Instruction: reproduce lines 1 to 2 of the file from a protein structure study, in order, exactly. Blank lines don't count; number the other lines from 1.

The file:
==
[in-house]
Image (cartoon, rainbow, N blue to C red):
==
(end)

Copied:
[in-house]
Image (cartoon, rainbow, N blue to C red):